Battery-free technology brings gesture recognition to all devices

February 27, 2014 - 12:00pm
Mute the song playing on your smartphone in your pocket by flicking your index finger in the air, or pause your "This American Life" podcast with a small wave of the hand. This kind of gesture control for electronics could soon become an alternative to touchscreens and sensing technologies that consume a lot of power and only work when users can see their smartphones and tablets.

SciFri: Your Brain on Jazz

February 27, 2014 - 12:00pm
Researcher and musician Charles Limb created an fMRI-safe keyboard to study the effects of jazz on the brain.

Digital ears in the rainforest: Estimating dynamics of animal populations by using sound recordings and computing

February 27, 2014 - 8:14am
A Finnish-Brazilian project is constructing a system that could estimate the dynamics of animal populations by using sound recordings, statistics and scientific computing. The canopy in a Brazilian rainforest is bustling with life, but nothing is visible from the ground level. The digital recorders attached to the trees, however, are picking up the noises of birds.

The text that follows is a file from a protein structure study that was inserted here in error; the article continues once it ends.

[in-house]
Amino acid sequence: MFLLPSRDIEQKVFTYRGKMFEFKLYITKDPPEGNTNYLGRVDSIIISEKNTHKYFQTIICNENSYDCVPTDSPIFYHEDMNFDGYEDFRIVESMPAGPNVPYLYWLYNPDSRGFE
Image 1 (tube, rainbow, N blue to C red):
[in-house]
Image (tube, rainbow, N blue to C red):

New discovery paves the way for medicine for people with hearing disabilities

February 26, 2014 - 11:00pm
(Karolinska Institutet) Researchers at Karolinska Institutet in Sweden have identified a biological circadian clock in the hearing organ, the cochlea. This circadian clock controls how well hearing damage may heal and opens up a new way of treating people with hearing disabilities.

Spotted seal study reveals sensitive hearing in air and water

February 26, 2014 - 5:10pm
Two spotted seals orphaned as pups in the Arctic are now thriving at UC Santa Cruz's Long Marine Laboratory, giving scientists a rare opportunity to learn about how these seals perceive their environment. In a comprehensive study of the hearing abilities of spotted seals, UCSC researchers found that the seals have remarkably sensitive hearing in both air and water.

Gadget Watch: Noise reduction in new Sony phone

February 26, 2014 - 11:00am
(AP)—I typically have headphones on when I'm home in New York, whether it's during a jog or a commute. I often crank the volume up, at the risk of hearing loss, so that I could hear my favorite podcasts over loud subways and honking cars.

Digital music to feel impact of Big Data

February 26, 2014 - 9:40am
A new project that will use large music collections – so called Big Data – to support music research has been launched by Queen Mary University of London, City University London, University College London and the British Library.

Humans have a poor memory for sound

February 25, 2014 - 11:00pm
(University of Iowa) According to a new study from researchers at the University of Iowa, our memory for sounds is significantly worse than our memory for visual or tactile things. Results are published in the open-access journal PLOS ONE.